1. How does the proletariat in Turkey globally think and feel about the war in Syria? Did the strikers make particular statements about the war? Do the strike comittees discuss about it? Do the strikers have mixed nationalities (whatever that means).
  2. How do strike/struggle experiences actually spread? I mean this in a larger sense. How do the experiences of the Indignados, Occupy, strikes in Turkey, Kazachstan... spread? The mass media does not speak of struggles, untill they just can't ignore them anymore, because they are too vast or too clearly visible. But still, through individuals, families, a social network... strikes are talked about on a regional scale. But what about a large scale? Is it "only" through articles as these on revolutionary (bourgeois leftist and internationalist) sites and papers that these become known throughout the world? There are off course also some "independent" news channels and journalists. I'm just thinking aloud. Insights on this matter could help us spread the experiences more effectively.
Fred
Excellent points Peter Pan.

Excellent points Peter Pan. Let's hope the comrades in Turkey (or elsewhere) will be able to reply. However, it's only your point (1) which relates particularly to Turkey. Point (2) probably needs an extended answer from the ICC. Hope we get that too. I'm sure you are right about about needing insights on how to spread news of proletarian fight back more widely and more effectively. And how do the experiences of the Indignados and Occupy people, get to relate to more overt proletarian militancy?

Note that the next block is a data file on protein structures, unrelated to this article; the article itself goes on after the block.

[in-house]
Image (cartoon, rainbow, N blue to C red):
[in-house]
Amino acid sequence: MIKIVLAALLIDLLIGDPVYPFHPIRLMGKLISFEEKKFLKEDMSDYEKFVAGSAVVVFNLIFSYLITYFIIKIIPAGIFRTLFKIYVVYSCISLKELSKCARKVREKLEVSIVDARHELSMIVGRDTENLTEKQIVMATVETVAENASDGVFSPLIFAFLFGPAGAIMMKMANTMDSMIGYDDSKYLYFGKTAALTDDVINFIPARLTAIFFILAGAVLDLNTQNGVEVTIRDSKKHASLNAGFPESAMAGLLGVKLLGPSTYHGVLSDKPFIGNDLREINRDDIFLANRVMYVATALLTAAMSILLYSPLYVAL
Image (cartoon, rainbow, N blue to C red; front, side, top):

Peter Pan
What do you mean?

What do you mean by: "And how do the experiences of the Indignados and Occupy people, get to relate to more overt proletarian militancy?"

Fred
What I meant is something

What I meant is something that will probably get me into trouble, so I didn't say it. But here goes. It seems sometimes like there's a sort of two-tier proletariat at the moment. The probably better educated kind of office type, and teacherly kind of worker - very good at talking, though not maybe at making the running - and your actual factory style worker, who produces things for sale, and who can effect things dramatically, like when factory workers in Egypt went on strike and brought down Mubarak. This was something the Occupier- Indignado workers, in Tahrir square couldn't have done, even if it had occurred to them to try, which I think it didn't. So there's a gap between these two at the moment. The people in p_p's group, elsewhere on this forum, clearly belong to the more "bureaucratic" kind of working class - thoughtful chatter - but without a lead from workers who fill a vital economic role for capitalism, and produce its wealth, and thus have great power in their hands if they did but know it, I think the Occupier-Indignado folk won't be going very far. That's one reason why I like hearing about the workers in Turkey, who are clearly extremely exploited, and know it, and are trying to organize themselves to fight back.

I could go on, but am actually scared by what I may be saying ( isn't this ridiculous?) and will stop now.